What is the truth?
The FODMAP hypothesis was first proposed in 2005 in this paper. The second author appears to maintain a website where she lists some foods though it's an incomplete list. Grapefruit would classified in this group if it has a high fructose level in comparison to the glucose level (frutose:glucose ratio > 1) and this likely varies on the variety. This Stanford site suggests restricting yourself to half a grapefruit if you have problems.
There is no "correct" low-FODMAP diet chart, because there is no clearly defined amount of FODMAPs that would cause problems. There are foods that contain high, moderate or low amount of FODMAPs and various authors may put the moderate ones either in the high or low category.
Also, sensitivity to FODMAPs varies greatly from person to person, so everyone needs to make a personal list appropriate for him/her -- from the trial/error experience.
Here is another list with a detailed explanation how a low-FODMAP diet works.
100 grams of grapefruit (NutritionData) contains just a little bit more fructose than glucose: 1.7 g F : 1.6 g G, so the F:G ratio is practically 1 and not problematic. Also, 100 grams of grapefruit contains only 2 grams of fiber, which also does not sound a lot.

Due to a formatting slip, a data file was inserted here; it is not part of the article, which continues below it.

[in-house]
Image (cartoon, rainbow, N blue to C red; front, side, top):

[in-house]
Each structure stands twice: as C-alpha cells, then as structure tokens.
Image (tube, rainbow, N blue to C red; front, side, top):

I found the Monash University mobile app, available for both iOS and Android, to be very helpful in identifying the low and high FODMAP products. Low and high are relative terms that do not mean anything until they refer to a quantitative scale. The apps does a very good job in defining "low" and "high" based on a serving expressed in cups, grams, millilitres or typical size.
According to this app grapefruit should be avoided as 1 medium sized grapefruit contains high amounts of oligo-fructans, but half medium grapefruit contains moderate amounts of oligo-fructans, which means it might be tolerated by some individuals.